The U.S. military, struggling after defense cuts of tens of billions of dollars, will be unable to pay for attacks on Syria from current operating funds and must seek additional money from Congress, according to congressional aides.
President Barack Obama, meanwhile, said on Friday he has not made a final decision on a military strike against Syria. He sought to play down both the scope and duration of the anticipated punitive missile and bombing campaign.
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"As you've seen, today we've released our unclassified assessment detailing with high confidence that the Syrian regime carried out a chemical weapons attack that killed well over a thousand people, including hundreds of children," Obama said.
The president said the use of the deadly weapons had violated international "norms" and that action was needed to prevent the further use of the arms.
A future military operation would not involve troops on the ground as part of a long-term campaign, Obama said. "But we are looking at the possibility of a limited, narrow act that would help make sure that not only Syria but others around the world understands that the international community cares about maintaining this chemical weapons ban and norm," he said.
The White House on Friday released an intelligence assessment that concluded with "high confidence" the Bashar al-Assad regime conducted a deadly poison gas attack using a nerve agent. It stated, "Our high confidence assessment is the strongest position that the U.S. intelligence community can take short of confirmation."
The costs of planned Syria strikes using cruise missile ships currently deployed in the Eastern Mediterranean were not disclosed by Defense Secretary Chuck Hagel, Adm. James Winnefeld, vice chairman of the Joint Chiefs of Staff, and several other high-ranking administration officials during a telephone briefing Thursday night for congressional leaders.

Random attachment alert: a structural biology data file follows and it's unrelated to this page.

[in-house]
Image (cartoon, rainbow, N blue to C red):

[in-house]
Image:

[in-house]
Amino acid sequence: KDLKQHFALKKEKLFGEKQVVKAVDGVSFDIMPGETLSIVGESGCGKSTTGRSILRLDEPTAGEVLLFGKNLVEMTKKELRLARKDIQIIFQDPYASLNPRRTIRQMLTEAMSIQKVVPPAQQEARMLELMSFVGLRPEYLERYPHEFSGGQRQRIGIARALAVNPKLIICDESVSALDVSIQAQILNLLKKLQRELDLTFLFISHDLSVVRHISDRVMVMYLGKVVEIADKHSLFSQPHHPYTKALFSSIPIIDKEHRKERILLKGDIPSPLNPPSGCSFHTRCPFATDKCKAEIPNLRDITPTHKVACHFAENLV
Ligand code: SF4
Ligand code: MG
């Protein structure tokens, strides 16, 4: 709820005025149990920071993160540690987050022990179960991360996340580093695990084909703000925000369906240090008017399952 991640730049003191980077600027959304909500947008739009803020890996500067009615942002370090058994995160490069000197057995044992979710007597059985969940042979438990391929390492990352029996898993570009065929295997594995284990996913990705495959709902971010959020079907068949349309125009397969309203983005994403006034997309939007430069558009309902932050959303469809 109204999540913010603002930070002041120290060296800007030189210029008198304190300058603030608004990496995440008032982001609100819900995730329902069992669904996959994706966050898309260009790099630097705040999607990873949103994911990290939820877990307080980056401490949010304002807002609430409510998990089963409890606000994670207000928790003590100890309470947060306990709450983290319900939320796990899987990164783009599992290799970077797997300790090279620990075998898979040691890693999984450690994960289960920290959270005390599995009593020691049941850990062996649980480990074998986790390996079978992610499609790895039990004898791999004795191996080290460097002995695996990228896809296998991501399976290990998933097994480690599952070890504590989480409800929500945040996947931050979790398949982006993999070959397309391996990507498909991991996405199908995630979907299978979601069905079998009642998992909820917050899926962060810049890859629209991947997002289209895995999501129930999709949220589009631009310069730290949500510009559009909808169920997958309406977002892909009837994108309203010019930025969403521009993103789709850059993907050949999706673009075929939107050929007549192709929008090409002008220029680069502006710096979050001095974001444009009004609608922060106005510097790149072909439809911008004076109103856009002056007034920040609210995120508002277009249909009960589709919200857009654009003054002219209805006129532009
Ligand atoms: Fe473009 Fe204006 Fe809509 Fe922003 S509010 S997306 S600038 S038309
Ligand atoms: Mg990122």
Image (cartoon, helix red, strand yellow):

However, estimates of the limited-duration strike are expected to be in the hundreds of millions of dollars.
"The secretary indicated that the administration would consult with Congress on the cost of exercising a potential military option, but specific dollar amounts weren't discussed," a senior defense official when asked about the funding shortfalls.
Gen. Martin Dempsey, chairman of the Joint Chiefs of Staff, stated in a July 19 letter to the Senate Armed Services Committee, that larger-scale military operations would cost hundreds of millions or billions, depending on the number of forces and the duration of the operations.
For example, training and assisting Syrian opposition forces would cost $500 million annually and "limited" standoff missile and air strikes would cost in the "billions." Operating a no-fly zone would cost about $1 billion per month, and the cost of using special operations forces to control chemical weapons would be "over" $1 billion monthly.